Away Fans Feedback Project 2012-13
Posted on 2nd August 2013
Last season the Football Supporters’ Federation launched the Away Fans Feedback Project – an ambitious project which aims to measure the experience of the travelling fan.
The survey will run again throughout 2013/14 so, if you go to away games, please bookmark this link and fill the survey in post-match – whether that’s in the pub straight after the game or when you’re bored at your desk on Monday morning, it doesn’t matter.
The ultimate aim is to improve the away fans’ experience and encourage more fans to travel to watch their team. What keeps fans committed to travelling and to the sacrifices they make? What do we look for as a travelling fan? Likes? Dislikes? What makes you feel valued?
Fans can score their experiences allowing the FSF to build a data set which can be used to accurately assess the facilities, customer service and elements of policing and stewarding at as many grounds as possible, using established customer service methods.
What did the 2012-13 results tell us?
- The most important reasons for travelling to an away game were: 1. Time/day of kick off; 2. Price of ticket; 3. Distance/cost of travel. One in five said they attend every away game regardless while one in three based attendance on whether friends/family were going.
- Somewhat surprisingly the least important reasons for travel were the expectations of a win and the level of opposition (i.e. people were not concerned about whether they were travelling to see a “big” club).
- More fans who completed the survey travel to games by train (37%) than any other method. 31% travel by car while 13% use private coaches and 11% travel on the official club coach.
- Do fans buy refreshments in stadiums? There was a near 50/50 split on this with 49% saying yes and 51% saying no. Of those who said they did buy a refreshment 51% bought an alcoholic drink and 44% a hot snack. Who said a pie and a pint was going out of fashion?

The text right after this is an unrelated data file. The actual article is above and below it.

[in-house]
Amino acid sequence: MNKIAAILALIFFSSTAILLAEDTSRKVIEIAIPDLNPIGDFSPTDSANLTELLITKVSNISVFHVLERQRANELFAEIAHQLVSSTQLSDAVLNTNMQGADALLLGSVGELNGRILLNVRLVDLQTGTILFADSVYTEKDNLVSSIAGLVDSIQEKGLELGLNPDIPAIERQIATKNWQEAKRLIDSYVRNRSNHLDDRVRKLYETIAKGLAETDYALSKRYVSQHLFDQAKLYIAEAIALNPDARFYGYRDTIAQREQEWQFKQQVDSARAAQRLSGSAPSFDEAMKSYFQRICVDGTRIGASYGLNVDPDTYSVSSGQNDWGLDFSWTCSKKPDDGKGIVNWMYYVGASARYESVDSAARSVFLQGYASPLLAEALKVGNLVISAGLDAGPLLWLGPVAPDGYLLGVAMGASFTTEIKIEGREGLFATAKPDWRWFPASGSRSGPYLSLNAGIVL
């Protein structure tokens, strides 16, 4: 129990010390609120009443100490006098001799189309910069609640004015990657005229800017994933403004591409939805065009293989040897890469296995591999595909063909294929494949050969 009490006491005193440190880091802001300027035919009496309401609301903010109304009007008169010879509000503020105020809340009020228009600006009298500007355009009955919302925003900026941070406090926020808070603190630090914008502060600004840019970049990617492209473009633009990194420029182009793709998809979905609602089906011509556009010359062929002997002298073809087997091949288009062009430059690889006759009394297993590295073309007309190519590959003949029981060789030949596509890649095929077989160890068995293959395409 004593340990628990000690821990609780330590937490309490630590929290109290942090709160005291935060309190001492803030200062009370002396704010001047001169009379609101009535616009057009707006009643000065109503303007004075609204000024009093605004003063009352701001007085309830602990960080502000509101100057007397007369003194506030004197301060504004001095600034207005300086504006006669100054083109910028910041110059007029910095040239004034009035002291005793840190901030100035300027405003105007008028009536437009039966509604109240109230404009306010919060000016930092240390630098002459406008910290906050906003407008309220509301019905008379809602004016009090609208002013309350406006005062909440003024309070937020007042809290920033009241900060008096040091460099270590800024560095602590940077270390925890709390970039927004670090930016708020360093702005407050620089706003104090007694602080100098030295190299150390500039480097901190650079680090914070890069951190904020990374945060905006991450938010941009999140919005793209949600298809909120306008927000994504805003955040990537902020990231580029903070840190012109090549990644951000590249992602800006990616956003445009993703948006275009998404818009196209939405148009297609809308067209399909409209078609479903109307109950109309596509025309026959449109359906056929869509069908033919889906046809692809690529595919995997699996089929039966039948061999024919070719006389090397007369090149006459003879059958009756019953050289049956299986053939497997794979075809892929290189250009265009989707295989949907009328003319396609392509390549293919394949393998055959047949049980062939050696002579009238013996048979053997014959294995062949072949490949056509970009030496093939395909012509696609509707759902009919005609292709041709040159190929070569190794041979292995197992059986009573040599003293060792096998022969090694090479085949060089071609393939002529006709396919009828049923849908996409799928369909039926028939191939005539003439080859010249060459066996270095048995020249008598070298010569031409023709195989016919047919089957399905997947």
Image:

- Generally speaking most fans rated queue lengths, and quality/choice of food and drink as adequate to good. Pricing of food split opinion with 39% rating it “adequate” while 41% rated it poor or very poor.
Last season’s results provide a starting point for the FSF to use when speaking to the authorities but it is just that, a starting point.
The Away Fans Feedback Project 2012-13 was given a “soft” launch as discoveries were made about what worked and what didn’t.
For instance, initially only Premier League and Championship clubs were included as it was felt it would be difficult to get statistically significant numbers of fans lower down the pyramid filling in the survey.
However, feedback from fans indicated those at all levels, to the Conference North/South and beyond, were keen to have the opportunity to feedback on their experience.
With that in mind the survey has been restructured so that any away fan at any game, whatever the level, can complete the survey.
Away fan importance
In the past home clubs have sometimes forgotten the specific needs of the away fan, who can be at the sharp end of pricing, policing and customer care. But football is now waking up to the importance of the away fan to its own health and vitality.
“Keeping away attendances high is our most strategically important thing just now,” says Premier League Chief Executive Richard Scudamore. The Premier League has recently changed its clubs ticketing rules to encourage more away fans.
The FSF has been banging about the needs of away fans for years and it’s very encouraging that the game is now listening – it’s a great time for away fans to effect change.
Last year 1000s of fans completed the survey and it’s hoped that many more again will do so in the year ahead. The FSF will be promoting this throughout 2013/14, so stay tuned and please do your bit to help football understand the experience of the away fan.